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A Sherwood Park woman is calling for action after her Chihuahua was killed in a coyote attack.  

Adele Mnoholitny says the attack happened on Friday in their backyard, which is separated from a large field by a fence.  

"I saw this black flash come across and I heard him screaming and took me four or five seconds to get out the door," she recalled.

"I saw this coyote on top of him and I was yelling, 'Get out of here, get out of here, get out of here!'"

The coyote then released her pet, Sammy, and darted back over the fence.

"And I saw four or five of them are over there, just advancing towards the fence like it was a pack of coyotes."

Sammy was taken to the vet with deep puncture wounds, but later died.  

According to one biology professor, coyote attacks aren't well documented, but the animals have appeared to become more brazen. Colleen Cassady St. Clair of the Edmonton Urban Coyote Project referred to recent attacks that have been publicized, including video of a Pomeranian being snatched up by a coyote in Edmonton's Albany neighbourhood.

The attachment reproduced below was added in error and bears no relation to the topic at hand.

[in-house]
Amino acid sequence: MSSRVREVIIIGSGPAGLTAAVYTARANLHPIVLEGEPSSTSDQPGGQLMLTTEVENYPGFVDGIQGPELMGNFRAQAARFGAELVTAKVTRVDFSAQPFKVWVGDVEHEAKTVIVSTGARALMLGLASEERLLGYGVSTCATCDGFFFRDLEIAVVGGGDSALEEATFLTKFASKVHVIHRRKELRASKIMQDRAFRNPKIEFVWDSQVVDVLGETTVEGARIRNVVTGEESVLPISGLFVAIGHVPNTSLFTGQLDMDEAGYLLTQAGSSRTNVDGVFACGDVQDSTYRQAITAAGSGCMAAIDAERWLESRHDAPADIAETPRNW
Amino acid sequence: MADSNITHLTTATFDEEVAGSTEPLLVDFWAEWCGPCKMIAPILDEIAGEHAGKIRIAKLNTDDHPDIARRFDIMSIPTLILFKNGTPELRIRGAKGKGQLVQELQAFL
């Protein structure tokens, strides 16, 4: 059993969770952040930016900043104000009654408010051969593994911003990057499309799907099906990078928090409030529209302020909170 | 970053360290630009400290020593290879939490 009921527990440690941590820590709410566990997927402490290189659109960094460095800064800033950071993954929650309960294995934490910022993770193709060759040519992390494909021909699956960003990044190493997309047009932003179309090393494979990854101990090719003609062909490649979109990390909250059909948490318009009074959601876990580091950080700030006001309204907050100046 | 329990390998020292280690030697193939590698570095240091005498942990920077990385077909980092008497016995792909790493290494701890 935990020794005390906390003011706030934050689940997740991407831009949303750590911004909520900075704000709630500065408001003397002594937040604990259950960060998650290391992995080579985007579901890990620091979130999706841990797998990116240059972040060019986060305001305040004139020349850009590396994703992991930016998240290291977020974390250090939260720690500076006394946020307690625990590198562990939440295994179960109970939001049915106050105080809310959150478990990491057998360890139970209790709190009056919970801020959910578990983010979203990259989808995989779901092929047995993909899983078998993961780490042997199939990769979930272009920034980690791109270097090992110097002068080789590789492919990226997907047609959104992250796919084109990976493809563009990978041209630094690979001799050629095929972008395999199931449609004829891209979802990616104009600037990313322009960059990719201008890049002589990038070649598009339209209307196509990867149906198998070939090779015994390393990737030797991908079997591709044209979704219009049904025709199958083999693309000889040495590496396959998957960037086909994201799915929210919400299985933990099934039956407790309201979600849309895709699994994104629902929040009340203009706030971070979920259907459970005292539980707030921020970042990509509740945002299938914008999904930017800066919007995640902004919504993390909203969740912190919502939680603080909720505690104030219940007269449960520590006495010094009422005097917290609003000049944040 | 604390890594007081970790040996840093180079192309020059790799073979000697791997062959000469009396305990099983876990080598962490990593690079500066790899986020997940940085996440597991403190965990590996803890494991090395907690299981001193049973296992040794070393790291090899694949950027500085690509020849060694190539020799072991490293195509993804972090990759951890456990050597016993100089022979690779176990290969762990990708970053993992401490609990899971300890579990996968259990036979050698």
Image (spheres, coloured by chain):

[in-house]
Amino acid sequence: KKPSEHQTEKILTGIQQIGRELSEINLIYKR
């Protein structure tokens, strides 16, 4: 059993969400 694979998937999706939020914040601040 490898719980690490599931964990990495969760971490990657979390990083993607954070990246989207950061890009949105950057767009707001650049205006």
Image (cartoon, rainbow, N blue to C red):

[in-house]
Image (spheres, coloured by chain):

"I think it's really rare, proportionate to the number of homes, the number of dogs, the number of coyotes, but maybe more common than it used to be," St. Clair told CTV News Edmonton.

St. Clair said fences can deter coyotes, but noted they are animals of opportunity. She recommended installing a cylinder that spins along the top of the fence, or flags to deter scare them away.

Mnoholitny, meanwhile, is calling on Strathcona County and the province to control the coyote population.

"Something has to be done. Something has to be done."

St. Clair said a cull could actually make the problem worse because coyotes reproduce more when the population shrinks.

A spokesperson for Alberta Fish and Wildlife told CTV News Edmonton an officer was dispatched the day of the attack at Mnoholitny's home, and that someone will be in touch with her this week.  

With a report from CTV Edmonton's Sarah Plowman